There is a long interview with Gay Talese in the new edition of The Paris Review. This caught my attention:
INTERVIEWER: Are you equally interested in everyone you meet?
TALESE: One of the key facts of my life is that I was raised not in the home, but in a store. My father had been an apprentice to his cousin, a famous tailor in Paris who had movie stars and leading politicians as clients. My father left Paris in 1920 on a ship to Philadelphia. He hated Philadelphia and developed a respiratory problem, and someone suggested he move to the seashore. In Ocean City, New Jersey, he bought an old store on Asbury Avenue, the main business street, and he opened the Talese Town Shop. On one side of the store he set up a tailor shop. On the other side my mother, who had grown up in an Italian American neighborhood in Park Slope, Brooklyn, opened a dress shop. Above the store my parents had an apartment.
The tailor business never really worked out. The craftsmen were fine, but there weren’t quite enough people in Ocean City who wanted to pay for handmade suits. So my mother became the wage earner. All the money we made was because of my mother selling dresses. She was successful because she had a way of getting women to talk about themselves. Her customers were, for the most part, large women, women who did not go to the beach in the summertime. My mother would give them clothes to try on that made them look better than they thought they had any right to look. She wasn’t a hustler. She made her sales because they trusted her and liked her, and she liked them back. I was there a lot—folding the dress boxes, dusting the counters, doing chores—and I learned a lot about the town by eavesdropping. These women, telling my mother their private stories, gave me an idea of a larger world.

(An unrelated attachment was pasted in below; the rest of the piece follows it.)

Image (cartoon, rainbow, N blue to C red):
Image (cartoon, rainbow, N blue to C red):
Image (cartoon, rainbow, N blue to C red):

…INTERVIEWER: When did you realize that you had talent?
TALESE: Never. All I have is intense curiosity. I have a great deal of interest in other people and, just as importantly, I have the patience to be around them.
Talese has been one of my inspirations because he’s always been fascinated by the characters on the margins, and because of his unyiedling curiosity. I am a great fan of his journalism, particularly during his glory days at Esquire in the Sixites.
Earlier this year, Jonathan Van Meter wrote an excellent profile of Talese and his wife Nan, the celebrated book editor, in New York magazine. Talese does not come across as being sympathetic, but the piece provides a sharp look at his career, which imploded during and after the writing of “Thy Neighbor’s Wife,” a book that became Talese’s “Apocalypse Now.”
Talese has a new book coming out about his marriage. I have no idea if it will be worth reading; I thought his last effort, “A Writer’s Life,” was meandering and dull.
If you are not familiar with Talese’s work, here is a selection of his essays, including Looking for Hemingway, a takedown of George Plimpton and his Paris Review crew, and perhaps Talese’s most celebrated story, Frank Sinatra Has a Cold.